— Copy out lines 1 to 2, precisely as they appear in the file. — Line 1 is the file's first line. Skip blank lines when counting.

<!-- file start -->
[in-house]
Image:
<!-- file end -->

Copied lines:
[in-house]
Image: